Surveying associations come together.

The July/August 2000 issue of the American Congress on Surveying and Mapping (ACSM) Bulletin sets forth a proposed “Revitalization of the National Society of Professional Surveyors.” The heart of the proposal is to bring all the members of all the state surveyor associations into membership in National Society of Professional Surveyors (NSPS). It is a commendable proposal and one that many of us have advocated for years as the only means by which the surveying profession can achieve true national significance and recognition. As things stand now, the surveying profession is in danger of marginalization. Technology and the new land management systems have reduced the population of surveyors; membership of NSPS and ACSM is down as a result, though some will blame association mismanagement for loss of membership. Either way you see it, it’s time to put aside the blame and address the solution. Bringing all the state surveyor associations into NSPS would be a major step toward that solution.

The proposal suggests a potential membership in NSPS of 25,000 plus, which I believe to be a modest goal, considering that few (if any) state surveyor associations have all the licensed surveyors in their states as members. In fact, some have less than 50 percent of the surveyors in their states as members. Perhaps eventually some of those surveyors who do not belong to their state associations will become NSPS members in another category as noted in the Restructure Committee Report. Surely there is potential for a national surveyor membership of well over 25,000. There are over 10,000 members of the survey division of the ASCE (American Society of Civil Engineers) alone (many of whom do not currently belong to NSPS/ACSM). There is also that large untapped body of surveyors who don’t belong to any association.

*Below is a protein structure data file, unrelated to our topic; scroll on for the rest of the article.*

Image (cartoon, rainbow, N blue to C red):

In the meantime, the New Jersey Society of Professional Land Surveyors (NJSPLS) and the Alaska Society of Professional Land Surveyors (ASPLS) have taken the initiative to create joint membership of their members with NSPS and would be Affiliate Members in the restructuring of NSPS if they agrees to adopt the future Articles of Affiliation. Note that it does not require a restructuring of NSPS in order for a state to declare joint membership with the national group. What is required is the vision and initiative of the leaders of the state group—a “bottom up” effort, as opposed to the “top down” proposal of the NSPS Restructure Committee. I regret that more state associations have not had the vision of the New Jersey and Alaska groups, but lacking that, the top down approach is the remaining option. By the way, the New Jersey action added a net 500-member increase to NSPS (in addition to the 200 or 300 NJSPLS members who were already members of NSPS). It also became the single largest geographic group of members in NSPS.

A product of the larger membership role would be a reduction in member dues by potentially $103 per member per year, a truly worthy result. But the main goal of this restructuring should not be merely a reduction in dues but a more efficient administrative structure, improved services, and increased political influence and status for the profession. Only time will tell whether this greater goal can be met.